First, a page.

Acylated monogalactosyl diacylglycerol: prevalence in the plant kingdom and identification of an enzyme catalyzing galactolipid head group acylation in Arabidopsis thaliana.

Details

Serval ID
serval:BIB_09EA35FE3A73
Type
Article: article from journal or magazin.
Collection
Publications
Institution
Title
Acylated monogalactosyl diacylglycerol: prevalence in the plant kingdom and identification of an enzyme catalyzing galactolipid head group acylation in Arabidopsis thaliana.
Journal
The Plant journal
Author(s)
Nilsson A.K., Johansson O.N., Fahlberg P., Kommuri M., Töpel M., Bodin L.J., Sikora P., Modarres M., Ekengren S., Nguyen C.T., Farmer E.E., Olsson O., Ellerström M., Andersson M.X.
ISSN
1365-313X (Electronic)
ISSN-L
0960-7412
Publication state
Published
Issued date
12/2015
Peer-reviewed
Oui
Volume
84
Number
6
Pages
1152-1166
Language
english
Abstract
The lipid phase of the thylakoid membrane is mainly composed of the galactolipids mono- and digalactosyl diacylglycerol (MGDG and DGDG, respectively). It has been known since the late 1960s that MGDG can be acylated with a third fatty acid to the galactose head group (acyl-MGDG) in plant leaf homogenates. In certain brassicaceous plants like Arabidopsis thaliana, the acyl-MGDG frequently incorporates oxidized fatty acids in the form of the jasmonic acid precursor 12-oxo-phytodienoic acid (OPDA). In the present study we further investigated the distribution of acylated and OPDA-containing galactolipids in the plant kingdom. While acyl-MGDG was found to be ubiquitous in green tissue of plants ranging from non-vascular plants to angiosperms, OPDA-containing galactolipids were only present in plants from a few genera. A candidate protein responsible for the acyl transfer was identified in Avena sativa (oat) leaf tissue using biochemical fractionation and proteomics. Knockout of the orthologous gene in A. thaliana resulted in an almost total elimination of the ability to form both non-oxidized and OPDA-containing acyl-MGDG. In addition, heterologous expression of the A. thaliana gene in E. coli demonstrated that the protein catalyzed acylation of MGDG. We thus demonstrate that a phylogenetically conserved enzyme is responsible for the accumulation of acyl-MGDG in A. thaliana. The activity of this enzyme in vivo is strongly enhanced by freezing damage and the hypersensitive response.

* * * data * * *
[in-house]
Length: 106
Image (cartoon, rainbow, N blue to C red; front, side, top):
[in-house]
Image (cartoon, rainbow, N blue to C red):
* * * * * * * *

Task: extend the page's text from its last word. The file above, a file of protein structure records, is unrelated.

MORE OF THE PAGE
Keywords
Acyltransferases/genetics, Acyltransferases/metabolism, Arabidopsis/enzymology, Arabidopsis/genetics, Arabidopsis/metabolism, Arabidopsis Proteins/genetics, Arabidopsis Proteins/metabolism, Galactolipids/chemistry, Galactolipids/metabolism, Gene Deletion, Gene Expression Regulation, Enzymologic/physiology, Gene Expression Regulation, Plant/physiology, Phylogeny, Tobacco/metabolism, Arabidopsis thaliana, Avena sativa, acylated MGDG, galactolipids, hypersensitive response, thylakoid membrane, wounding
Pubmed
Web of science
Open Access
Yes
Create date
01/11/2016 19:55
Last modification date
01/01/2021 6:24
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